Seon becomes more selfless as the movie progresses. The parallel with the villainous businessman is not lost on the viewer. In the beginning Seon’s focus is more on saving himself and his daughter, but he comes to care for others besides himself. This is not true of the selfish businessman, who is really just kind of a  cartoon villain. He throws people to their deaths, leaves others behind to be eaten, and at one point, he screams a rant at a teenage girl, and  gets the other train passengers to turn on Seon, and his little crew of survivors.

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The movie is filled with touching moments of bravery and sacrifice. I rooted for Sang through most of the movie and wished he’d been the focus of the film, as Seon is a rather bland character, but that was the point, I think. Sang is brave and selfless from the moment we see him,  fighting the zombies hand to hand to save the life of his wife, unborn child, and other passengers. At one point using his own body as a break against the zombies invading one of the train cars.

Seon  has the greatest character arc, though. The kind of man who has nothing but contempt for the homeless, at one point, goes out of his way to save that man’s life, he fights side by side with Sang, goaded by Sang’s needling of his selfish behavior, when they first met, and goes toe to toe with the villainous businessman. Along the way his goal becomes making his daughter proud of him.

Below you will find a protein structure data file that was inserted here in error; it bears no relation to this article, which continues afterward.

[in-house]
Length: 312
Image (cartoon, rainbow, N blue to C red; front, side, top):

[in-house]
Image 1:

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The only problem is that in the world of the zombie,  none of this selflessness comes without a price, and selfishness doesn’t pay off too well, either. One of the most tearful moments was when a teenage boy gets bitten, and instead of leaving him, his girlfriend chooses to stay by his side, as he dies. She knows that when he turns, she’ll die, but she makes that sacrifice because she doesn’t want him to die alone, and he was bitten while saving her life.There’s a similar scene in the Dawn of the Dead remake, but in that movie, its much less effective. What starts as a train full of people finally gets whittled down to the villain, Sang’s pregnant wife, Seon, and Seon’s daughter.

The action is fast and frenetic, and the only quiet moments are at the beginning of the movie, or when the zombies get quiet, but that’s not much consolation because the tension  just ratchets up during those moments. I can’t list all the great moments in this movie.

Now, its a zombie movie so there’s plenty of gore, and if you have anxiety issues, you may want to watch this in bits and pieces because it doesn’t ease up very much. It clocks in at two hours but its so fast paced that it just doesn’t feel that long.

I’m fully prepared to call this the best zombie movie of 2016, and its definitely going on my favorites list. This is an excellent choice for a Halloween Zombie marathon.

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5 thoughts on “Train to Busan (2016)

  1. SapphireYagami

    i never cried so hard in my life, till i saw this film. That ending had me bawling like a baby but this is definitely one of my favorite zombie films to date

    Like